Keep your investments for at least a year. These are taxed at normal income, which means that your profits are not eligible for the special, lower capital gains tax brackets. To avoid this, sell your investments after at least one year if possible. Otherwise, you could expect higher income tax rates. Physical stocks of precious metals such as gold, silver, platinum, palladium, and titanium are considered fixed assets by the Internal Revenue Service (IRS), which are specifically classified as collectibles.
Stocks of these metals, regardless of their shape, such as investment coins, precious bars, rare coins or bars, are subject to capital gains tax. Capital gains tax is only due after the sale of such investments and if the investments have been held for more than one year. This applies not only to gold coins and bars, but also to most ETFs (Exchange Traded Funds), which are taxed at 28%. Many investors, including financial advisors, have problems owning these investments.
They mistakenly assume that because the gold ETF is traded like a stock, it is also taxed like a stock that has the long-term capital gains rate of 15 or 20%. Investors often perceive the high costs of owning gold as dealer premiums and storage fees for physical gold or as management fees and trading costs for gold funds. In reality, taxes can be a significant cost factor for owning gold and other precious metals. Thankfully, there’s a relatively easy way to minimize the tax impact of owning gold and other precious metals.
Individual investors may offer Sprott Physical Bullion Trusts a more favorable tax treatment than comparable ETFs. Since the trusts are based in Canada and are classified as Passive Foreign Investment Companies (PFIC), US private investors are entitled to the usual long-term capital gains rates when selling or redeeming their shares. Again, depending on income, these rates are 15 or 20% for units that were held for more than a year at the time of sale.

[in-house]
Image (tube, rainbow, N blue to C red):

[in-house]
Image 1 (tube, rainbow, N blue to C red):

While no investor likes to fill out additional tax forms, the tax savings resulting from owning gold through one of the Sprott Physical Bullion Trusts and holding the annual elections may well be worthwhile. To learn more about Sprott Physical Bullion Trusts, ask your financial advisor or Sprott representative for more information. Royal Bank Plaza, South Tower 200 Bay Street, Suite 2600 Toronto, Ontario M5J 2J1 Canada. Stocks of precious metals such as gold, silver or platinum are considered capital assets, which is why capital gains may arise.
When it comes to tax purposes, the IRS classifies precious metals as collectibles, which is why they may be taxable at the maximum taxable capital gains rate of 28 percent. As mentioned above, selling precious metal coins, rounds, and bars can serve as an additional source of income for many customers. Therefore, in the eyes of the IRS, all profits made by a customer from selling their precious metals investments are considered taxable and therefore subject to some form of tax. This taxation is known as “capital gains tax.”
Therefore, “capital gains” refer to any gains that result from the sale or exchange of personal stocks or assets. In terms of precious metals, capital gains occur when a particular coin or piece of precious metal increases in value and is then sold at that higher price. In summary, capital gains are one of the main parts of a large transaction report that the IRS is looking for.